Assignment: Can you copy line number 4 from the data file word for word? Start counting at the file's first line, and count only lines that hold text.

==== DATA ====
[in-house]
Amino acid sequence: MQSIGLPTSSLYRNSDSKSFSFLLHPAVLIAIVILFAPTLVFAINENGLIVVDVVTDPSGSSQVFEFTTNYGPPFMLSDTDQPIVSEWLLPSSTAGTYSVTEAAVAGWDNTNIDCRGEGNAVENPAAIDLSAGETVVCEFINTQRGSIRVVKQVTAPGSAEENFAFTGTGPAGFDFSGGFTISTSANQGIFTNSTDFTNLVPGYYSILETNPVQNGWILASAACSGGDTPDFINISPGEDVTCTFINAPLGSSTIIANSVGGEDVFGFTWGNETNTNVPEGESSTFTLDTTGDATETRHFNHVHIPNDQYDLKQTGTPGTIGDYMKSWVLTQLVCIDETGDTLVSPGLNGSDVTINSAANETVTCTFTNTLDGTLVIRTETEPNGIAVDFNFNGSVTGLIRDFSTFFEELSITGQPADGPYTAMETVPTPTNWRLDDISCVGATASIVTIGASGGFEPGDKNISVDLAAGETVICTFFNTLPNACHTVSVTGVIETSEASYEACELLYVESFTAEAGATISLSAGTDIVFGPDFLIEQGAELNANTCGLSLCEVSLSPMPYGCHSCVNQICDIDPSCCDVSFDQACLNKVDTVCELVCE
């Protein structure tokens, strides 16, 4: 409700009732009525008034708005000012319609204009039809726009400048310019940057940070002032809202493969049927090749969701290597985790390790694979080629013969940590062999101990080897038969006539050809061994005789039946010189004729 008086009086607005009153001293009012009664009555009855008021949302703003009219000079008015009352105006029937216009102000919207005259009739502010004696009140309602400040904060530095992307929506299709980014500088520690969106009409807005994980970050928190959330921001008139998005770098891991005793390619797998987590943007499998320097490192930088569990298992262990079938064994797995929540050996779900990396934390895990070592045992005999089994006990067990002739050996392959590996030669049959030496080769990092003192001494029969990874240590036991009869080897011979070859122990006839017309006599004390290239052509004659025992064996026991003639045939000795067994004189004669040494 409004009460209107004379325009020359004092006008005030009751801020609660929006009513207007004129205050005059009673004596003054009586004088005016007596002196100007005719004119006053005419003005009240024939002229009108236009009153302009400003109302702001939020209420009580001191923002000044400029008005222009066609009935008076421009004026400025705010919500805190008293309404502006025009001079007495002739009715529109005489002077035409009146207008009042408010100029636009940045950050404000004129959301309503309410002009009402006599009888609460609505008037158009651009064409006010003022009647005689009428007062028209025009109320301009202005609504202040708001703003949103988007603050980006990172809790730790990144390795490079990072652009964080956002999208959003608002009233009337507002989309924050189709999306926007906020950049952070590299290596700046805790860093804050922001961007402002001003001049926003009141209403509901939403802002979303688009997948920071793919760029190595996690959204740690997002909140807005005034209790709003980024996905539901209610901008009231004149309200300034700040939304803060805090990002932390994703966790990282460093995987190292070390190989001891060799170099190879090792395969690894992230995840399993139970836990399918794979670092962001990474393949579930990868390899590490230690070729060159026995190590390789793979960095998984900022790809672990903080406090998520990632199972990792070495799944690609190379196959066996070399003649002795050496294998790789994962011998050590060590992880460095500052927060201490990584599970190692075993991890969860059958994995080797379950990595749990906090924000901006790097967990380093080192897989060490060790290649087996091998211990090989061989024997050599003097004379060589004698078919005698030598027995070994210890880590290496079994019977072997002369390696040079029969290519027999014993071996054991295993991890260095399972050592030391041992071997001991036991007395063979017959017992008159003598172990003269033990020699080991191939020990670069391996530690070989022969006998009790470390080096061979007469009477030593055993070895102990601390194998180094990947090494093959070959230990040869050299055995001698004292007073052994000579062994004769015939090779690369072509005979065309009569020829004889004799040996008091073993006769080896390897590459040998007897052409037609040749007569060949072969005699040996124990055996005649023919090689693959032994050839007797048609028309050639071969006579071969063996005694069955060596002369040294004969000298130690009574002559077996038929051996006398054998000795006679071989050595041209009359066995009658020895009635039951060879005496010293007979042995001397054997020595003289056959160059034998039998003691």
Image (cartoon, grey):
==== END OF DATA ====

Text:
Image (cartoon, grey):